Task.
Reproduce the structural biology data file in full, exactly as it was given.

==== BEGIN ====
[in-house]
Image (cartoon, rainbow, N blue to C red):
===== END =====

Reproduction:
[in-house]
Image (cartoon, rainbow, N blue to C red):